Approximately 510,000 children lived in out-of-home care on September 30, 2006, the most recent date for which national estimates are available. In fiscal year 2006, over 26,000 youths remained in care until they were legally “emancipated” to “independent living,” usually due to reaching age 18 or upon graduation from high school. On average, these youths have limited education and employment experience, relatively poor mental and physical health, and a relatively high likelihood of experiencing unwanted outcomes such as homelessness, incarceration, and nonmarital pregnancy.
The Foster Care Independence Act of 1999 amended Title IV-E to create the John Chafee Foster Care Independence Program (CFCIP), giving states more funding and greater flexibility in providing support to youth making the transition to independent living. It also required evaluation of such services. The U.S. Department of Health and Human Services’ Children’s Bureau contracted with the Urban Institute and its partners—the Chapin Hall Center for Children and the National Opinion Research Center at the University of Chicago—to conduct this evaluation. The goal of this study is to determine the impacts of the programs funded under CFCIP in achieving key outcomes for youth. Four programs are being evaluated under this contract, and this report provides results for one of those programs.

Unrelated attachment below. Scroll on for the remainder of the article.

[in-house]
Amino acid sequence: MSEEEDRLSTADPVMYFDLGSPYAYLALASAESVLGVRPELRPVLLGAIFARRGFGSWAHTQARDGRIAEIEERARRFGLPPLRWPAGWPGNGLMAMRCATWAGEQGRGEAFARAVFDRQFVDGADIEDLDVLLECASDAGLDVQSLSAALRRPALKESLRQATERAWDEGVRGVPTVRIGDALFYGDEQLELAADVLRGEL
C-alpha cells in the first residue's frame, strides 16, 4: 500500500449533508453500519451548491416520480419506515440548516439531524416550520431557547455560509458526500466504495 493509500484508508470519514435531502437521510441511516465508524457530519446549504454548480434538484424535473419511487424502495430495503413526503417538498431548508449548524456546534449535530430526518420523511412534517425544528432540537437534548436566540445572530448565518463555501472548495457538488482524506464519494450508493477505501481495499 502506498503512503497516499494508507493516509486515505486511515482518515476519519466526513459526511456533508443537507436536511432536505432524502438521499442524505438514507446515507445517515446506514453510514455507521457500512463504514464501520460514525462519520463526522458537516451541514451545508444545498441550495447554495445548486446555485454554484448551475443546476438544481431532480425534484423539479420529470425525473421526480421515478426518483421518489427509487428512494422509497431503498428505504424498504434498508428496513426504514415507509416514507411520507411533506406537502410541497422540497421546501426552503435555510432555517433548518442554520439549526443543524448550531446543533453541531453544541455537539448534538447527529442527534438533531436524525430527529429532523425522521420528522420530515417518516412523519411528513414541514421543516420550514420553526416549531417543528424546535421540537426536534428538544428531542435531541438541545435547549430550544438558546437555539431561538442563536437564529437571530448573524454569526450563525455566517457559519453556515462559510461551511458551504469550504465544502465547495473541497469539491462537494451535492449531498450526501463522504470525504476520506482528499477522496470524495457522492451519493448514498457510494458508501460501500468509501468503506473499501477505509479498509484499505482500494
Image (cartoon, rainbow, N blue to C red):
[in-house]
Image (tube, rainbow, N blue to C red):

The evaluation provides ample evidence of the continuing prevalence of education deficits among foster youth. Given these deficits, access to tutoring would seem to be a reasonable service to provide foster youth to help prepare them for independent living. However, with respect to the ESTEP-Tutoring program, our impact evaluation did not find compelling evidence that this program had any beneficial impact on the outcomes we assessed.